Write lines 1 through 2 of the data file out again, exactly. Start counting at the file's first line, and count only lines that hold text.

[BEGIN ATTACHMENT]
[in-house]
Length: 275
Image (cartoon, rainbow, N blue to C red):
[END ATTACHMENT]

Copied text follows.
[in-house]
Length: 275